Pinelli, John Vincent

, an Italian nobleman, celebrated for his love of letters, and the library he formed, and well compared by Thuanus to Pomponius Atticus, was born at Naples, in 1533, the son of a noble Genoese. After having received an excellent education, he went and settled at Padua, at the age of twenty-four, and early in life began to form his library, which he collected from all parts with incredible diligence. Lipsius, Jos. Scaliger, Sigonius, Pancirollus, Pithou, and all the most learned men of his time, corresponded with him, and have celebrated him for erudition. His whole mind was occupied with the love of knowledge, which embraced history, | medals, antiquities, natural history, and botany; and it is said, that in forty -three years he never was out of Padua, except twice, one of which times his removal was occasioned by the plague. He died in 1601. At his death, his library was removed to his heirs at Naples, in 130 cases, fourteen of which were full of manuscripts. Two hundred volumes were retained by the republic of Venice, as treating of affairs pertaining to that state. In 1790, this noble library, augmented considerably by the descendants of this Pinelli, was purchased by Messrs. Edwards and llobson, two eminent booksellers, and sold by auction in London; and thus in a few weeks was dissipated, what it had been the labour of near two centuries to collect. 1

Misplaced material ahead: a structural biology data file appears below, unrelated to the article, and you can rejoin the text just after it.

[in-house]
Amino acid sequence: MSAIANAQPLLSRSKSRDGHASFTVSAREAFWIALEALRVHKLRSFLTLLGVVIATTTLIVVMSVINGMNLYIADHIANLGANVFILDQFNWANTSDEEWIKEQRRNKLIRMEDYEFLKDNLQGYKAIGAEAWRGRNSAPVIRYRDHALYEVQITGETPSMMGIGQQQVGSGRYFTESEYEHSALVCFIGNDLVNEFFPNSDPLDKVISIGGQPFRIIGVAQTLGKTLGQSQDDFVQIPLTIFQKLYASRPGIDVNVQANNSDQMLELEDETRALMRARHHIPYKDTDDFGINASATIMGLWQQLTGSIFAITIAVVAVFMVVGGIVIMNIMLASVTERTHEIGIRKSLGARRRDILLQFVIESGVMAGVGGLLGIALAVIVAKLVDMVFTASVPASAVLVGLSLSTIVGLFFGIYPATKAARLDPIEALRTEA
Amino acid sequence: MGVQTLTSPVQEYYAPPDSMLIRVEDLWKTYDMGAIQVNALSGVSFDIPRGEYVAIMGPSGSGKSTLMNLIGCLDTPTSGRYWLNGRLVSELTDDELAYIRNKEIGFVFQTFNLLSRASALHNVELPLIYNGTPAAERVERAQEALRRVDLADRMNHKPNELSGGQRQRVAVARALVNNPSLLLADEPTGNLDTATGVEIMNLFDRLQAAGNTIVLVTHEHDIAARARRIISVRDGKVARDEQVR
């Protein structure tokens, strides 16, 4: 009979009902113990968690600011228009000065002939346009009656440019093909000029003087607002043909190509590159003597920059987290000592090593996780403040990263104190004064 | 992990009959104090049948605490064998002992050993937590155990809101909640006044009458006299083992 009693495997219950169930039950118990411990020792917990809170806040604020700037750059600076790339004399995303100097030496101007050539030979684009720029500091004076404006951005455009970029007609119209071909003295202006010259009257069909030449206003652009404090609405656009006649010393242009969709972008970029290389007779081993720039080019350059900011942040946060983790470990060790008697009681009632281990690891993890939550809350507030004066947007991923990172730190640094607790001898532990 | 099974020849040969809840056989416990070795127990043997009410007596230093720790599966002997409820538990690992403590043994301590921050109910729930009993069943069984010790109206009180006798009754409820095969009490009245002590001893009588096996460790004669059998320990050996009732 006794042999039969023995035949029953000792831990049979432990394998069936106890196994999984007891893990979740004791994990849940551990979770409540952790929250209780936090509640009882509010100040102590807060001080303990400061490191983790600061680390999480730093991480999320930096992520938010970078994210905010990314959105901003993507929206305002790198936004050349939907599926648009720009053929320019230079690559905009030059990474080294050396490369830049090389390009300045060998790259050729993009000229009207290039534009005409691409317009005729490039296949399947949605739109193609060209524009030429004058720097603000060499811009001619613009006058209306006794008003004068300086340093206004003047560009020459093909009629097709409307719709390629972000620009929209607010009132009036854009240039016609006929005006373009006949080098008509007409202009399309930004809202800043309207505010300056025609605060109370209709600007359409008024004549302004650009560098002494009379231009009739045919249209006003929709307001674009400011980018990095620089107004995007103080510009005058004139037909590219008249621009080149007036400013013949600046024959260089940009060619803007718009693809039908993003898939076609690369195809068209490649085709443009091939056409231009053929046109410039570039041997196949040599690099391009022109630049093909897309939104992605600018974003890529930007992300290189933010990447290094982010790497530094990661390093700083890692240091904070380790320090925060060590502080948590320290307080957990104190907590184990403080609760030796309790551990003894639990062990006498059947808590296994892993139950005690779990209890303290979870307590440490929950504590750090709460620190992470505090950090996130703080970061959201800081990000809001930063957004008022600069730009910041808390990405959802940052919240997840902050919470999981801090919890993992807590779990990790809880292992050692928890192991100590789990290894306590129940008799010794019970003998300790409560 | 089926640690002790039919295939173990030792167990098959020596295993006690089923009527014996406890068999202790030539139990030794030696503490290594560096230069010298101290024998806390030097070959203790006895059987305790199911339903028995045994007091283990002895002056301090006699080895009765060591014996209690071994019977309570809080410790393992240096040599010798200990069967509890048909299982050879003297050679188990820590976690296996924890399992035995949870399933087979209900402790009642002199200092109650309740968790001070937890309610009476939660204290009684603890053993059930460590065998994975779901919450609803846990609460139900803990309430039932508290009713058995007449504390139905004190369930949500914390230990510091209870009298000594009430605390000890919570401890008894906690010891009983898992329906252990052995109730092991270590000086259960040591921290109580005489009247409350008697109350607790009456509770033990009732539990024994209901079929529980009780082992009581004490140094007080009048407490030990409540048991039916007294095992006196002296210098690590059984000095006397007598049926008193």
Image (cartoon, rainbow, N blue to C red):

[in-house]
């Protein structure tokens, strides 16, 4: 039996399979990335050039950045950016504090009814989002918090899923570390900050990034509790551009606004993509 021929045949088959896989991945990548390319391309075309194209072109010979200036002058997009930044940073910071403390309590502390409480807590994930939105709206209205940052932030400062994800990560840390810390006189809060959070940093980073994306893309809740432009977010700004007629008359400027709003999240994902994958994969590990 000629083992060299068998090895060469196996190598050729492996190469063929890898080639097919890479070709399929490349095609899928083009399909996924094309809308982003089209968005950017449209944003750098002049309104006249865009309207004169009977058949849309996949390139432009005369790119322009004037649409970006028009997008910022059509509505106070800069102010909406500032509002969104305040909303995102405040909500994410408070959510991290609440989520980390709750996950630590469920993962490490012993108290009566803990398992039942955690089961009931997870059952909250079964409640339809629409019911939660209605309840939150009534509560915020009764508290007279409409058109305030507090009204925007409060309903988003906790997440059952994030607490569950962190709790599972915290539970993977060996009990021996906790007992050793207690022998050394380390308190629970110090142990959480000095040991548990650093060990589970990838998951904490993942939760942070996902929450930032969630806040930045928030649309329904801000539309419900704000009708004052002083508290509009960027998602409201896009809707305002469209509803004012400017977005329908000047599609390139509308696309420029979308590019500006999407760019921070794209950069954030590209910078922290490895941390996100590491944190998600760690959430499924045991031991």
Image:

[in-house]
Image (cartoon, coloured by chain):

Tirabosthi. —Moreri. Bluunt’s Censura.